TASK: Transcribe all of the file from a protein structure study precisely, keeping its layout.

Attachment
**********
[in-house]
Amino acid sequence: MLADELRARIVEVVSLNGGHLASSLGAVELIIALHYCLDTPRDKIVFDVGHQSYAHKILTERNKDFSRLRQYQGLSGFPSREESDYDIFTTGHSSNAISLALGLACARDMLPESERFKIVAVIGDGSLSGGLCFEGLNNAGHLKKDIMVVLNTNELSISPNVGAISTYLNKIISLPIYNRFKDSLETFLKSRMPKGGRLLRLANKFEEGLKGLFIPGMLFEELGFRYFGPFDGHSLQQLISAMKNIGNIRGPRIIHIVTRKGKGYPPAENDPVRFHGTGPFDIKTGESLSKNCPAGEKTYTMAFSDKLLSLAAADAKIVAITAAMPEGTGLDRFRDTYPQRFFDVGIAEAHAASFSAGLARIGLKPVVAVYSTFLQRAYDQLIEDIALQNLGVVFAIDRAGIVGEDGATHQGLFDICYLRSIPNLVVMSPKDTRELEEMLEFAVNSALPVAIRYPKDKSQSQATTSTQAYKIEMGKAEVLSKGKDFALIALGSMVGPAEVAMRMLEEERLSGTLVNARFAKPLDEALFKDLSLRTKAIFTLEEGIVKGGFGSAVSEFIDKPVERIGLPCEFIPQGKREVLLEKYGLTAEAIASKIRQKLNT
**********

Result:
[in-house]
Amino acid sequence: MLADELRARIVEVVSLNGGHLASSLGAVELIIALHYCLDTPRDKIVFDVGHQSYAHKILTERNKDFSRLRQYQGLSGFPSREESDYDIFTTGHSSNAISLALGLACARDMLPESERFKIVAVIGDGSLSGGLCFEGLNNAGHLKKDIMVVLNTNELSISPNVGAISTYLNKIISLPIYNRFKDSLETFLKSRMPKGGRLLRLANKFEEGLKGLFIPGMLFEELGFRYFGPFDGHSLQQLISAMKNIGNIRGPRIIHIVTRKGKGYPPAENDPVRFHGTGPFDIKTGESLSKNCPAGEKTYTMAFSDKLLSLAAADAKIVAITAAMPEGTGLDRFRDTYPQRFFDVGIAEAHAASFSAGLARIGLKPVVAVYSTFLQRAYDQLIEDIALQNLGVVFAIDRAGIVGEDGATHQGLFDICYLRSIPNLVVMSPKDTRELEEMLEFAVNSALPVAIRYPKDKSQSQATTSTQAYKIEMGKAEVLSKGKDFALIALGSMVGPAEVAMRMLEEERLSGTLVNARFAKPLDEALFKDLSLRTKAIFTLEEGIVKGGFGSAVSEFIDKPVERIGLPCEFIPQGKREVLLEKYGLTAEAIASKIRQKLNT